The laws around this are NOT simple and I certainly may be wrong, but again, this seems like a fraught legal issue.

Edit → IANAL =) .

1 Like

Yeah, IANAL either, so could be way off base here, but I think the question is trickier than it seems, due to the facts that the NFT isn’t the thing itself, that it has no intrinsic value, and that anyone can create as many of them as they wish based on the same original input.

If David Hockney makes an NFT of one of his paintings, and I make an NFT of the exact same image, only one of those should have any value. The whole point of an NFT is that the provenance is always perfectly known, so mine isn’t even a forgery. It’s nothing.

The only way it could be worth anything is if someone explicitly wants to pay money for my version. And the only reason they would do that is if they thought that the act of my creating the NFT itself was an act of creative work worth something. At that point, that act itself was a piece of art – what they’d be buying is my art, completely transformative from the original – indeed, bearing no resemblance to it. Warhol wasn’t violating Campbell Soup’s copyright.

So, in a sense, I think an NFT of someone else’s likeness, or someone else’s art, either has exactly zero value, and is as worthless as copying an image from your browser, or it has value only if it itself is transformative art. In either case, I don’t think there ought to be grounds for a copyright claim.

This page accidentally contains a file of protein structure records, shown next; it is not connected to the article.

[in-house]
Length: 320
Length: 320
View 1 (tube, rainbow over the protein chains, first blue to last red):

(For the record, I think NFTs are a competing silly fad and are all worthless, but that’s outside this discussion.)

1 Like



NFTs are so fucking stupid. There, I said it.


I’m afraid that your post has already been turned into an NFT and is now being sold for enough money for a family of 4 to survive on for 3 years…

1 Like

As an NFT, I am deeply offended by this.

<gestures vaguely>

1 Like

I daresay that most of us are nonfungible. I’m pretty sure we’d find getting funged rather unpleasant. And messy.

1 Like

Hi, can we please not kinkshame on this forum?

1 Like

Is that a kink? Uh, asking for a friend.

Is anybody even implying that buying the NFT gets the buyer rights to the real-world documents?

It’s literally paying money to “own” a link to a JPEG

1 Like

Warhol used the Campbell’s Soup logo without permission from the company for dozens of silkscreen prints. Eventually, Campbell’s Soup tacitly approved of his use because of the free marketing they were receiving, but Warhol’s use of their logo without initial permission was still appropriation.

Warhol was sued at least three times by photographers who filed copyright infringement claims against him for using their photographs in his work. Patricia Caufield sued him for using her photograph of hibiscus flowers as the subject of his Flowers series, which is part of the exhibition at The Whitney. Civil rights photographer Charles Moore sued Warhol for using photographs that Moore published in Life Magazine as the basis for his Race Riot painting. Finally, Fred Ward sued Warhol after his photograph of a grieving Jacqueline Kennedy appeared on the cover of Life Magazine and Warhol used it in one of his many prints of Jacqueline Kennedy.

Andy The Appropriator: The Copyright Battles You Won’t Hear About at The Whitney’s Warhol Exhibit | The Columbia Journal of Law & the Arts